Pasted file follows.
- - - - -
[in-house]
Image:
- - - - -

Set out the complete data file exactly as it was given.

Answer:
[in-house]
Image: